He sat on the edge. Feet firmly on the ground. Blankets pulled back. Could’ve swore he saw a bedbug. Clutching a pillow and waiting. Wanting his phone to ring. Or, hoping he could just sit in silence. Couldn’t decide between the two. Then his phone rang. The decision had been made for him.
The number was from out of state. Some area code in Mississippi. He let it continue to ring. And ring. Thoughts went through his head. A bunch of what ifs. What if it was a man with a gun? What if she had a knife? He took money out of his wallet and laid it on the nightstand. He answered his phone.
What room are you in honey?
212, he said.
I’ll be right up.
Sweat began to pour from his forehead. His hands felt cold. He sat there staring at his phone. There was a knock on the door. He didn’t answer. Again, another knock on the door. An uneasy quiet. For a third time there was a knock on the door. This time more rapid. The young man clutched his pillow tighter. He heard foot steps walking away. His phone rang. It stopped. Then it rang again. He answered.
What’s the problem baby?
No problem, he stuttered.
Did you give me the right number?
Yes, he said. I believe so.
I don’t have time for games, she said.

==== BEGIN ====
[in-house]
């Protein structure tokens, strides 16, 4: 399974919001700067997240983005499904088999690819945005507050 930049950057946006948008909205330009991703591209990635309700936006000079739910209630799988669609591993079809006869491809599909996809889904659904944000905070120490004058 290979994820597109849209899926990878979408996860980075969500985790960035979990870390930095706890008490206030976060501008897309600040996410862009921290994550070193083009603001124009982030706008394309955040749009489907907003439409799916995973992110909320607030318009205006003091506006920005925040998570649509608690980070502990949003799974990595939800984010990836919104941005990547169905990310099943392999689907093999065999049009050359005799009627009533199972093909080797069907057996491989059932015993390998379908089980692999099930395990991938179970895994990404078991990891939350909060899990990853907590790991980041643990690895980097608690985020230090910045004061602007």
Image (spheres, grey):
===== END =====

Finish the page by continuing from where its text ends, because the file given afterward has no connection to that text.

I’m sorry. Let’s just forget this.
You owe me something. I drove all the way over here and I got nothing to show for it, she demanded. Again, silence. Five seconds of neither speaking. Bitch I’m coming up there again, and she hung up the phone.
Waiting. Wanting it all to be over. Loneliness is a sickness, he thought. Desperation can kill you, he whispered.
Time passed. There was no more knocking on the door. He looked through the hole and there was no one there. No sign of anybody. An empty hallway. He turned on the television with no sound. Flipped through channels. Landed on a baseball game. The Cardinals were playing the Padres. He began to laugh. Surely this was a sign from God.
His phone began to ring again. It was her number. He let it ring. Frightened. Was she out in the hallway? Was she downstairs? He answered.
You wanna try this again honey? she asked. I understand. You’re nervous. Most guys are, she said. I’ll be good to you baby. I’ll be good, she whispered. His head was filled with thoughts of cardinals and priests. Men from his youth talking about wages of sin. He hung up the phone and began to pray.
Our Father who art in heaven hallowed be thy name, he said. The phone began to ring again. Mississippi calling. He let it go to voice mail and continued praying.
There were no messages. Just breathing. Just breathing.